PORTLAND, Maine — Here’s something you’ve probably never realized – when you’re on an airplane, it’s sending valuable weather data to computer models used to predict the future.
It’s no secret we use these models - including the American GFS, the European ECMWF, every day to guide our forecasts.
But they are only as good as the current weather data going into them. They rely on many sources of data to get the "starting point" as close to accurate as possible, including satellites, airplanes and weather balloons.
The data collected goes into the models as the “starting point”. The farther the starting point is off, the future projection will be off, as equations are run to model the future atmosphere.
The coronavirus pandemic has had a real impact on the amount of data being collected by aircraft, as fewer planes take flight.
According to the European Centre for Medium Range Weather Forecasts (ECMWF, often referred to as "the Euro,") data collected by aircraft over the United State has dropped by about 63 percent. While that is staggering, there are still some flights traveling common routes each day, within the country.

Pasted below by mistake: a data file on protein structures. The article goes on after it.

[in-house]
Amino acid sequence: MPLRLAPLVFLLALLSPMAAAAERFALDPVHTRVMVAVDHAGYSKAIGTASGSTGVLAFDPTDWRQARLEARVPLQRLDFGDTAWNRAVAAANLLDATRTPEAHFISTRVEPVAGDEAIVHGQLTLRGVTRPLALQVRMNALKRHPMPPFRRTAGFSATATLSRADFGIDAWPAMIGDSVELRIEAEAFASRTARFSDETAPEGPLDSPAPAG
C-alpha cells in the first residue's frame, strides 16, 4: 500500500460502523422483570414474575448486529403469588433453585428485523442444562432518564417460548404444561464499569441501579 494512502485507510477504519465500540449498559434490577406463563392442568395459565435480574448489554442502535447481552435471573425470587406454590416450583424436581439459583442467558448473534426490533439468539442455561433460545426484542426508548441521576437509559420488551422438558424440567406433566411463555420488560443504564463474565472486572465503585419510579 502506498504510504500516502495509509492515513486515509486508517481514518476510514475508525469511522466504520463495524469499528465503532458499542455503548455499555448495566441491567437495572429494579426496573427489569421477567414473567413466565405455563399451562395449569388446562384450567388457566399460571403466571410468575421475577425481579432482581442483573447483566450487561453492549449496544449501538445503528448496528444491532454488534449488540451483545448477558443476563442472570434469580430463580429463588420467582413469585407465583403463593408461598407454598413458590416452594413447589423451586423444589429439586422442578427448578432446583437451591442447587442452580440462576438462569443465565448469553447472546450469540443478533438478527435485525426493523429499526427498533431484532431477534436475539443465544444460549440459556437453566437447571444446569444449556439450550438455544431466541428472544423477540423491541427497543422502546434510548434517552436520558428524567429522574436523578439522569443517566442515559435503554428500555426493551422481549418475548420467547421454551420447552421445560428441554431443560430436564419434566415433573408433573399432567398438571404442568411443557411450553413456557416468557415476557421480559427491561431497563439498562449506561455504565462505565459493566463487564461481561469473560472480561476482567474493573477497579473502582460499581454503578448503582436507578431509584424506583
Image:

The drop in data collected over Europe has been even more severe, as international travel has come to a halt.
The World Meteorological Organization issued a press release on April 1 outlining similar concerns, as other countries lack the vast observing networks we have.
So what does this mean for your forecast?
The impact isn't tangible yet, but ECMWF says they expect the biggest impact to be at the polar jet stream level. Since the jet stream is the current that steers our storms, that means there could be a notable difference in storm forecasts, days out especially. The "chaos theory" suggests small errors at the starting point of a model grow rapidly and affect predictability down the line.
It's our role as human forecasters to recognize this, use our intuition and knowledge to develop a forecast.